JavaScript Christmas

"JavaScript" != "Javascript"

A 3 minute read written by
Charlie Midtlyng
22.12.2020

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When I studied computer science for five years there was a lot of mathematics. Equality was probably the simplest part. After ten years of working, I’ve done a lot of JavaScript. Equality is not the simplest part… Why?

false == 0 // true
['1', '2', '3'] == '1,2,3' // true
undefined == null // true
"wtf" == "WTF" // false

First of all, JavaScript has two operators for equality: == and ===. In order to understand equality, we have to understand the difference between these two options. As we know equality from other programming languages and mathematics, === behaves the way we are used to.

So, if you’re able to keep == away from the JavaScript-codebase you’ll probably save yourself from unnecessary heart disease. Unfortunately, sooner or later we have to make changes in a codebase where == is commonly used - then it’s important to understand the consequences of making changes!

x == y

There are a lot of rules to be aware of when using ==. Let’s take a walkthrough of these rules and try to understand them by some examples.

1 If x and y is the same data type the behavior of == is the same as ===

1==1 => 1===1
"abc" == "ABC => "abc" === "ABC"
[1,2,3] == [1,2,3] => [1,2,3] === [1,2,3]

This is a rule that can make refactoring == to === a bit easier. If you expect both values to be the same data type - add another equal sign and breathe!

2 Truthy if x and y is undefined and null

null == undefined // true
undefined == null // true
null === undefined // false

null and undefined are special cases and we have to accept that they are equal when using double-quotes. But I’m not sure if I like it...

3 If x and y are the data types number and string - try to convert the string into number and perform ==

'2' == 2 => Number('2') == 2 // true
'2.5' == 2.5 => Number('2.5') == 2.5 // true
'' == 0 => Number('') == 0 // true
'evil' == 666 => Number('evil') == 666 // false
BigInt(2) == "2" -> BigInt(2) == BigInt("2") // true

If one value is a string type and the other is numeric, JavaScript compares the numeric value of the string. Remember, converting an empty string to a number results in 0.

4 If x or y is a boolean type - convert it to a number and perform ==

false == 0  => 0 == 0 // true
false == '0' => 0 == '0' => 0 == 0  // true
true == 1 => 1 == 1 // true
false == '' => 0 == '' => 0 == 0 // true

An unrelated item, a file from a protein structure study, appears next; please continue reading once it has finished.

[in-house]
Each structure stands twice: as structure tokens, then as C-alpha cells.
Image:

Boolean values converted to a number type results in 0 (false) or 1 (true). Be aware of the second line, after converting false to 0 the comparison is now a numeric and string data type. Fortunately, you have just learned how this works!

5 If x and y is respectively an Object and either String, Number, Bigint or Symbol - convert the Object to primitive and perform ==

['1', '2', '3'] == '1,2,3' => ['1', '2', '3'].toString() === '1,2,3' // true
[1,2,3] == '1,2,3' => true
 
const me = {
  toString() {
    return "lazy";
  },
  valueOf() {
    return "1337"
  }
}
    
const you = {
  toString() {
    return "lazy";
  },
  valueOf() {
    return { 
      key: "1337" 
    }
  }
}
    
me == "lazy" // false
me == "1337" // true
me == [1,3,3,7] // false
you == "lazy" // true
you == {key: "1337"} // false
me == BigInt(1337) // true
me == 1337 // true    

Converting the data type object into primitive is usually done by returning the value of valueOf()-function. If this is not implemented or does not return a primitive value, then it returns the value of toString()-function.

6 If x and y is BigInt and Number then return true if the mathematical value is the same

123 == BigInt(123) // true
999 == BigInt(123) // false

7 If none of the above applies, return false!

[1,2,3] == { valueOf() { return "1,2,3" } } // false since both are objects
0 == null // false
0 == NaN // false
0 == undefined // false
null == false // false
NaN == false // false
undefined == false // false

As mentioned above, avoid using == in your JavaScript code. Unless all of the rules above fits in your, and your teammates, head - please use ===!

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